Every year the Paris Agricultural show brings together 30,000 farmers, breeders, and food producers—along with over 4,000 animals. It’s a chance for thousands to see rare mountain cows, learn about farm practices, and revive rural traditions.
Over 650,000 people, many of them families, come to the event.
The star attraction is Imminence, a 5-year-old cow picked to be this year’s mascot, which earned her a celebrity’s welcome with dozens of television cameras and a visit by French President Emmanuel Macron.
“Imminence’s from hardy breed mixed race, which means it produces both milk and meat. It is a very gentle, very curious cow. She’s kind to humans. It takes a real passion to be a breeder, that’s what I always say. It takes a real passion to be a breeder, that’s what I always say. I’m so proud that I could transmit this passion to my kids. They show a lot of motivation for it,” said Imminence’s breeder Gilles Druet.
The show also features food workshops, rural traditional music, and dances and proposes new experiences to the public. Ecology-friendly practices are also encouraged like new alternatives to chemical pesticides.
“I believe there is a return to tradition in farming practices today. There is a knowledge in the rural heritage, which has been passed down to farmers and they are willing to give it a chance. We wish for farmers and customers to eat healthily and inexpensively, and this is a point of pride for us,” Terrena marketing manager Gaëlle Delevallet.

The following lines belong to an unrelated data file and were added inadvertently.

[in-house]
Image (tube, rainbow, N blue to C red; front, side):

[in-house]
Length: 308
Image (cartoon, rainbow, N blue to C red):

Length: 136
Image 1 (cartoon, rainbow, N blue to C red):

The farm show, a major political event in a country that is proud of its agricultural heritage and it is tradition was opened by the president in a marathon tour of its many stands.
This year’s event takes place in the middle of the Great Debate—a nationwide series of discussions organized by Macron in response to the Yellow Vest protest movement.
Agriculture Minister Didier Guillaume said the movement—inspired by a cost of living seen as too high and a political class seen as too distant—expressed different concerns from those of farmers though he admitted the show was an opportunity to reconnect French towns with the countryside.
For politicians, the show offers the opportunity to see farmers and to be viewed as lending an ear to their concerns, perhaps an advantage in the run-up to European elections.
Last year nearly 700,000 visitors trooped to the show at a vast hall in the south of Paris, and the thousands of animals fed on 253 tons of straw.